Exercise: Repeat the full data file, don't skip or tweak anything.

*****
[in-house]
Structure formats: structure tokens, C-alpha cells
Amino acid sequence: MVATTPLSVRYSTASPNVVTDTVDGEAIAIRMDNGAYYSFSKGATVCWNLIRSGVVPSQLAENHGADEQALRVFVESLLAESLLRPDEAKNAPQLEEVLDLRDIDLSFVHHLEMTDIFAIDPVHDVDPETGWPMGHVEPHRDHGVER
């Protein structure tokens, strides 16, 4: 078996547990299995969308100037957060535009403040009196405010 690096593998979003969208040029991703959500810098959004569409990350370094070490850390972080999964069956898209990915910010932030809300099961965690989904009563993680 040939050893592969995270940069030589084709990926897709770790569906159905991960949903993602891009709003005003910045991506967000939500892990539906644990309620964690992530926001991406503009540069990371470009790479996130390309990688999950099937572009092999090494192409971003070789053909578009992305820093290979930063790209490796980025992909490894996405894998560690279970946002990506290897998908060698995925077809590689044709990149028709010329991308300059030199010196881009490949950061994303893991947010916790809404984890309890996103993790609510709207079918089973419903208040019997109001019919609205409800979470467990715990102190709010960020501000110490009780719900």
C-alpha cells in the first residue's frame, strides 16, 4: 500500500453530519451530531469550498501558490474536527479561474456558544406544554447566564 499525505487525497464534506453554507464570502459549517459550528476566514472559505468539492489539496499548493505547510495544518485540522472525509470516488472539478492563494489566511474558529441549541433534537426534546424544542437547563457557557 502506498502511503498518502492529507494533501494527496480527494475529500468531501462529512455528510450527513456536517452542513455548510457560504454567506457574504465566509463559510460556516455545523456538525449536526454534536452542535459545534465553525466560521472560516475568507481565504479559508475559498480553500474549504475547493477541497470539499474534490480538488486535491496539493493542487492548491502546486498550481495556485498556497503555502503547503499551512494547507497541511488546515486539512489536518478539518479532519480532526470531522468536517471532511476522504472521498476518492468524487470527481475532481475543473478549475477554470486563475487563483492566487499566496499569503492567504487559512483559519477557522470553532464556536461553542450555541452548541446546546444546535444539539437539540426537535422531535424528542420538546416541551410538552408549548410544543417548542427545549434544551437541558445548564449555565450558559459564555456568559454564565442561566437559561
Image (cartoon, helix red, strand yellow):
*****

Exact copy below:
[in-house]
Structure formats: structure tokens, C-alpha cells
Amino acid sequence: MVATTPLSVRYSTASPNVVTDTVDGEAIAIRMDNGAYYSFSKGATVCWNLIRSGVVPSQLAENHGADEQALRVFVESLLAESLLRPDEAKNAPQLEEVLDLRDIDLSFVHHLEMTDIFAIDPVHDVDPETGWPMGHVEPHRDHGVER
């Protein structure tokens, strides 16, 4: 078996547990299995969308100037957060535009403040009196405010 690096593998979003969208040029991703959500810098959004569409990350370094070490850390972080999964069956898209990915910010932030809300099961965690989904009563993680 040939050893592969995270940069030589084709990926897709770790569906159905991960949903993602891009709003005003910045991506967000939500892990539906644990309620964690992530926001991406503009540069990371470009790479996130390309990688999950099937572009092999090494192409971003070789053909578009992305820093290979930063790209490796980025992909490894996405894998560690279970946002990506290897998908060698995925077809590689044709990149028709010329991308300059030199010196881009490949950061994303893991947010916790809404984890309890996103993790609510709207079918089973419903208040019997109001019919609205409800979470467990715990102190709010960020501000110490009780719900």
C-alpha cells in the first residue's frame, strides 16, 4: 500500500453530519451530531469550498501558490474536527479561474456558544406544554447566564 499525505487525497464534506453554507464570502459549517459550528476566514472559505468539492489539496499548493505547510495544518485540522472525509470516488472539478492563494489566511474558529441549541433534537426534546424544542437547563457557557 502506498502511503498518502492529507494533501494527496480527494475529500468531501462529512455528510450527513456536517452542513455548510457560504454567506457574504465566509463559510460556516455545523456538525449536526454534536452542535459545534465553525466560521472560516475568507481565504479559508475559498480553500474549504475547493477541497470539499474534490480538488486535491496539493493542487492548491502546486498550481495556485498556497503555502503547503499551512494547507497541511488546515486539512489536518478539518479532519480532526470531522468536517471532511476522504472521498476518492468524487470527481475532481475543473478549475477554470486563475487563483492566487499566496499569503492567504487559512483559519477557522470553532464556536461553542450555541452548541446546546444546535444539539437539540426537535422531535424528542420538546416541551410538552408549548410544543417548542427545549434544551437541558445548564449555565450558559459564555456568559454564565442561566437559561
Image (cartoon, helix red, strand yellow):